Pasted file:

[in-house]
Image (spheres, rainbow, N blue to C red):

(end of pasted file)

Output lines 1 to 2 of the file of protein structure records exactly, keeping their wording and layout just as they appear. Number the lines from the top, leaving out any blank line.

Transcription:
[in-house]
Image (spheres, rainbow, N blue to C red):